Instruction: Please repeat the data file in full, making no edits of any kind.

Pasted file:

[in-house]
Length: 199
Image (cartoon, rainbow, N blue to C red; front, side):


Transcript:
[in-house]
Length: 199
Image (cartoon, rainbow, N blue to C red; front, side):